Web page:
Cecilia Baptist Church has a rich history in the community — 200 years worth of history. Sunday the church celebrates it’s 200th anniversary.

According to the church’s history, written by Nellie Woodring, the church was constituted in 1819 a home. The first meeting house was fini­sh­ed in 1820 on property bought for $70. Then, the church was called Rhudes Creek Church. The name was changed in 1924 to Cecilia Baptist Church.

Since that time, the church has moved locations and built five buildings. One of those buildings was destroyed by, what the history of the church calls, a cyclone.

The church started with eight charter members, Becky Miller, a member of the anniversary committee said, adding the church has had 47 different pastors over the years.

To commemorate the anniversary, the church has a special service and pot luck lunch, compiled a cookbook featuring recipes from current and former members and commissioned a coaster to remember the 200th anniversary. There also are displays of photos and items from the history of the church.

“The church has been here for 200 years for a reason,” committee member Wanda Johnson said. “I feel like God has been in it from the very beginning or we wouldn’t have prospered like we have.”

Many current church mem­bers have connections to the church’s history.

Buddy Miller’s family goes back to the church’s foun­ding. His great- great-­great-­grand­mother, Penelope Stark, was one of the founding mem­bers and his great uncle, Miles Hardin Miller, was the church’s first Sunday School superintendent in 1898, his wife, Becky, said.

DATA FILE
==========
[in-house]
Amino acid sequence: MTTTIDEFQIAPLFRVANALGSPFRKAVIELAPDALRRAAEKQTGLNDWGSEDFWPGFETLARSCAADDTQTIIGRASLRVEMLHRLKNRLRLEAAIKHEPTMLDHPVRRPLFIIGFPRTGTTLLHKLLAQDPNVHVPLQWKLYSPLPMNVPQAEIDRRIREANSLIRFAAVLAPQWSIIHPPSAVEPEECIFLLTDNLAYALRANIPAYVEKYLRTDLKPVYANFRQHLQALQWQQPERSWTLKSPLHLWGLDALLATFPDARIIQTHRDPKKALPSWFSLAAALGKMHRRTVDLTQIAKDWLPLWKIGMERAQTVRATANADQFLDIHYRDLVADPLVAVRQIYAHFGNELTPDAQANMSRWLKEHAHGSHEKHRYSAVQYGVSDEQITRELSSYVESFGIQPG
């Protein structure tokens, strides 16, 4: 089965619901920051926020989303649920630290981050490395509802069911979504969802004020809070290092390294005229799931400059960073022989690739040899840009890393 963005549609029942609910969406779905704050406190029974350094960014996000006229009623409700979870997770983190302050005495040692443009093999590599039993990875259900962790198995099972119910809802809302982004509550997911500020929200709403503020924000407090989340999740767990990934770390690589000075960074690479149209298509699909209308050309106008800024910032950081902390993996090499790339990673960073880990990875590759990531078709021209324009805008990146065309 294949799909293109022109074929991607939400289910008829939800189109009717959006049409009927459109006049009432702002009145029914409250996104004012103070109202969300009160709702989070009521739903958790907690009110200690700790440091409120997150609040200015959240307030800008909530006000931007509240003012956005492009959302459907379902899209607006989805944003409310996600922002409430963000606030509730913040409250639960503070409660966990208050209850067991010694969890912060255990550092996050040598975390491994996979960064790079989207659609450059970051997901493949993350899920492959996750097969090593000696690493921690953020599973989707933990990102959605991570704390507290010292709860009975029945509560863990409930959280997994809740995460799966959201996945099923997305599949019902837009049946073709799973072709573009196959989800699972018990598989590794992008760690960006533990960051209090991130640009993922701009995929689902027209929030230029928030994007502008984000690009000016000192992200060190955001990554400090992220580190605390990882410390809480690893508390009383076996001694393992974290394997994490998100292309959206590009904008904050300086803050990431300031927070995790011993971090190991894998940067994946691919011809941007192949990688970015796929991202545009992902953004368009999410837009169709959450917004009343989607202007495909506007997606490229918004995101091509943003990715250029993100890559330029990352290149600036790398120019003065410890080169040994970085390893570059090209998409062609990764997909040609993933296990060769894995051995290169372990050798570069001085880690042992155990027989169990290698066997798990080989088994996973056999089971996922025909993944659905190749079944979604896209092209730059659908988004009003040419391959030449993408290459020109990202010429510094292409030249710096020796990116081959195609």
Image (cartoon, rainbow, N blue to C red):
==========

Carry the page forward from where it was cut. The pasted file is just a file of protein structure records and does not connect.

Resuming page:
Reading about the buildings in the church’s history has been interesting for Becky Miller.

She didn’t realize when the education building was built in 1968, it was attached to the 1904 building and the 1955 addition. “It was something I didn’t know when I was worshiping in that little church, that it had all that history there,” she said.

She started attending the church in 1973.

She also remembers so many people volunteering in positions now filled by paid ministers.

“It’s just amazing to me,” she said.

Eschol and Martha Ann Martin are people that stand out to fellow committee member JoAnn Taul. They volunteered so much of their time as youth leaders for many years, Taul said.

“They were a great asset to the church,” she said, adding youth were welcome to their house at any time.

“This church had so many good Christian people that you could depend on,” Miller said.

She said so many of the younger members don’t know as much about the church.

“The more you know about your church the more you want to be a part of it,” she said.

Miller said events such as the 200th anniversary remind people of those moments.

The group admitted the church has had its ups and downs, but even through the rough times, has persevered to make it to 200 years.

Johnson said she and her husband, Ronnie, went to another church for a while.

“The first Sunday we came back I told Ronnie, ‘We’re home’,” she said. “Even though there’s a lot of new faces, there’s still a lot of older ones, I can still feel my history.”

Through the trials and tests of the church, she said it has remained strong because it kept a goal of serving God.

“So many of the families that were mentioned in the history are here now,” committee member Tina Marple said. “I think it’s that sense of community that has kept it going too and it’s a central point in the community; it’s the faithful that have stuck with it through thick and thin.”

Sunday’s celebration begins with a meet-and-greet at 10 a.m. and the service starts at 10:30 a.m.

Former pastor the Rev. Arnold Moon will bring the message and other special guests will be a part of the service.

“I hope to see people I haven’t seen for years,” Marple said.

Taul said it will be a big church family reunion.

For more information, call 270-862-4228.

Becca Owsley can be reached at 270-505-1740 or bowsley@thenewsenterprise.com.